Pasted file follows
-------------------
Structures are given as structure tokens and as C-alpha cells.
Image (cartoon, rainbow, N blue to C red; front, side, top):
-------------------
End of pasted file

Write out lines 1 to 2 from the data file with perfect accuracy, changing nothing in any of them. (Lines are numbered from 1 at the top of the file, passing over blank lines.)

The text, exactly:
Structures are given as structure tokens and as C-alpha cells.
Image (cartoon, rainbow, N blue to C red; front, side, top):